Testing, Trade-off and the Emissions Tango

The Emissions Tango

There is so much to learn from this case for those who develop products for a living and automotive products in particular.  Understanding the impact of concept selection and testing of the product on the project success and product quality is important.  The early decisions we make regarding the development of the product will stay with us long after launch or we may find ourselves reworking the entire product.

Trade – offs

Most every design solution requires trade-off considerations.  For example, we sacrifice weight for reliability; or we may increase the cost to obtain a longer battery life.  Making this trade-off decision requires forethought and systems level thinking regarding the consequences and risks to product development and production.  In the case of the VW diesel situation, the trade off was NOx and CO2. [1]

The starting point of the diesel matter was, in hindsight, the strategic decision by Volkswagen in 2005 to start a … Continue reading

Regression Testing and Scope

Regression Testing and Scope

A brief exchange on twitter on the topic of regression testing leads me to this post.  Twitter, is not the place to really discuss this topic as there are too few characters and there are many factors that go into determining the scope of regression test.  Regression testing is the testing of portions of the product that were built previous to this iteration.  The testing is to ensure that in the addition of the new features to the product we have not inadvertently broken the product.  A good definition of regression testing can be found from ISTQB.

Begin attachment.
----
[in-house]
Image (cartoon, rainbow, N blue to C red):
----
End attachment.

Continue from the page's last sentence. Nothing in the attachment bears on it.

Risk Aversion 

One of the things we will consider in determining the scope of our regression testing will be the level at which our company is comfortable with the risk associated with the product in the field.  If our company makes medical or perhaps automotive or aerospace products, we may generally be risk averse since the consequences of our … Continue reading

Organization Management and the Pendulum


I have been re-reading my copy of Introduction to Quality Control by Kaoru Ishikawa.  If you have been following our blog, you will know we frequently write on quality items and it is not strange for us to read these types of books. However, there is a reference in this book that takes me back to some of the companies at which I have worked in the past.  The specific paragraph is noted below[1]:

Presidential QC diagnosis should not be carried out on the premise that everything is bad, using top management muscle to expose malpractice n a deal shortcomings.  Like the doctor who examines a patient in order to diagnose an illness and commence treatment and promptly so that the illness gets no worse, the presidential QC diagnoses aims for action.  Its purpose is to enlist everyone’s cooperation to pinpoint weaknesses and systematically improve the situation.  This means that CEOs … Continue reading

Decision Matrix Applied to Test Strategy

We can use a decision matrix to help determine  the best test strategy.  In this instance, the decision matrix is comparing what we believe to be vehicle testing success criterion (such as the fidelity of the test results and ability to duplicate, the speed at which we can test and meeting critical dependencies) against a number of possible solutions.  The highest scoring approach represents the best approach given the constraints.